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I'm involved in an application migration project. This application is supposed to execute some logic based on the current user role, so this snippets like this are everywhere in the code:

if ("Role1".equals(user.getUserRole())){
    operationVersionForRole1();
} else if ("Role2".equals(user.getRole())){
    operationVersionForRole2();  
} else if ("Role3".equals(user.getRole())){
    operationVersionForRole3();
}

There are about five roles and almost fifty operations, and some operations are very complex for some roles (almost 1000 lines of code) so that style of programming makes the source code messy and hard to follow. Is there any know design pattern that helps to organize source code in that situations? Nested "if-else" just doesn't feel right.

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up vote 3 down vote accepted

Isn't it a Abstract Factory that provides an interface for creating families of related or dependent objects without specifying their concrete class? Specified role will be an argument to create concrete implementation. And operationVersionForRoleX could be designed as different implementation or strategy of IOperation interface.

interface IOperation  
{ 
    void Execute();
}

class OperationVersionForRoleX : IOperation
{
    public void Execute()
    {
        // …
    }
}

string role = "roleX";
IOperation operation = operationFactory.Create(role);
operation.Execute();
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Simmilar to what casablanca has answered.

  • I usually avoid business logic inside an enum since their job is just uniqueness and pretty much are inferior to classes in everything else.

    public enum Role {

    ROLE1 { public Actions getActions(){ return new Role1Actions() } },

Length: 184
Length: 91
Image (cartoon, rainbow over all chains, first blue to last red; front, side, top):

ROLE2 { public Actions getActions(){ return new Role2Actions() } },
    ROLE3 { public Actions getActions(){ return new Role3Actions() } };
    

    }

  • I would make the Actions interface with as many method as types of operations can be executed per role

public interface Actions {

void action1();
// useful when there are more than 1 different actions per role
// even if only 1 now, there will be more in the future
vpod action2();
}
  • Then, just use the actions you can get from roles

    user.getUserRole().action1();

    user.getUserRole().action2();

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That implies that all operation logic per Role would be in only one class. Some operations are pretty complex (almost 1000 lines of code). Wouldn't that produce Blobs and violate SRP? – Carlos Gavidia Jul 29 '12 at 18:23
    
Not one class, one interface. The implementing classES can be agregates of even more classes. In a nutshell, it's a kind of Strategy Design Pattern en.wikipedia.org/wiki/Strategy_pattern – Azder Jul 29 '12 at 18:27

You could do something like this, where all operations extend the Operation superclass and Role is an actual object instead of a string:

public abstract class Operation {
  public void execute(User user) {
    user.getRole().apply(this);
  }

  public abstract void operationForRole1();
  public abstract void operationForRole2();
  public abstract void operationForRole3();
}

public enum Role {
  ROLE1 { public void apply(Operation op) { op.operationForRole1(); } },
  ROLE2 { public void apply(Operation op) { op.operationForRole2(); } },
  ROLE3 { public void apply(Operation op) { op.operationForRole3(); } };

  public abstract void apply(Operation op);
}

Each Operation then implements the logic for various roles, and the client simply calls operation.execute(user). No if-else anywhere.

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